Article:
Just find that image in your mind. What is the Spirit saying to you?
Have mercy. Have mercy, Lord.
Have mercy. Have mercy, Lord. . .
This idea of mercy is also in this Psalm. And it’s one that I’ve been thinking a lot about as I have thought about, about meeting here. I think “mercy” is a word like “grace.” It has lost its power over time, right? If someone says to you, “What is grace?” What do you say? You say, “Unmerited favor,” right, because that’s what you’ve learned in Sunday School. But after a while, these words, they become associated with other things. For example, you say grace before a meal, and that kind of muddies the waters. Same thing with mercy, and you have to. . . I was thinking about, how do I reclaim this word? How do I reclaim this idea of mercy to some of the impact that it really has.
And as I was thinking about this, the first thing that came to mind, and this is kind of a silly illustration. Did any of you play Mercy when you were a kid? Some people call it Uncle. All right, so this is like the schoolyard thing, where, you know, young boys try to prove how tough they are. You grab each other’s hands, lock hands, and then go, right? It’s almost like arm wrestling, and you push, push, push, push, push. And if you start to overpower the other person enough so that it starts to hurt them, and of course boys are not going to give up very easily and not want to lose face. But at the very point that you feel you’re about to have your fingers broken, you say, “Mercy!” Right? And that’s the image that came to mind, and it’s helpful in the sense that this is the idea of mercy of relent. We’re saying, “Relent. Stop. I’m at your power. I’m at your mercy.” Right? Like, that’s the figure of speech closest to it. You say, “I’m at your mercy.”
And so there’s that sense of powerlessness, and being beholden. And many humans, we don’t like to be beholden to anything. Right, but we are beholden to lots of things. We are beholden to parents, we are beholden to disease, to addiction, to oppression. All of these things like this have power over us. And I think the beauty of Psalm 123, is that it says that there’s this ultimate power, and that’s who we appeal to for mercy.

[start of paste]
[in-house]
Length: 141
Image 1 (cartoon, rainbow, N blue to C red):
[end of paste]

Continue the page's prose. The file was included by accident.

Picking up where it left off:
As I continued to think about mercy, and I was trying to tease this out, suddenly a phrase came to my mind, that mercy is the anti-karma. So you know this idea of karma, right? That what goes around comes around. And I’m sure that Buddhist would have a more fuller, a fuller definition of what karma is. Right, “you’re going to get yours,” right? “Karma’s going to get you.” And there’s that idea of accusation. And the reason that we have this, I think, is because we have this innate sense that we deserve something bad, right? I was thinking about all of the kinds of phrases that we use. “Karma will catch up with you. You’ll get yours.” I was even thinking of the Nine Inch Nails song: “Bow down before what you serve. You’re gonna get what you deserve.” He’s got that really strong sense throughout that whole album. Trent Reznor has that really strong sense that he needs to pay for something.
And I think that humans have that inside them. We feel that we need to pay for something. And the idea of mercy is the anti-karma. It lifts that and says, “No, you don’t have to pay for that. Jesus has paid for that.” That you can appeal to God for mercy, and that your own personal sins, the oppressions of the world, will all eventually bow down to God, so that we are released from what we need to pay for that.It’s a really profound thing. Once again, it’s so easy to fall back to the Sunday School definitions of this, but it’s such a powerful thing and I would encourage you to contemplate on that.
Just like grace, we can remind ourselves that there’s no way that we can earn this. This is something that God does, and not something that we earn. Once again, in the same way that we have this internal sense of retribution, that we need to pay for our sins, we also have this sense that we need to earn love. Right, that God just can’t love us just because he has great affection for us. No, we have to earn it in some way.